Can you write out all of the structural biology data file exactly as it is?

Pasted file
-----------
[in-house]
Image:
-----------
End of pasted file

[in-house]
Image: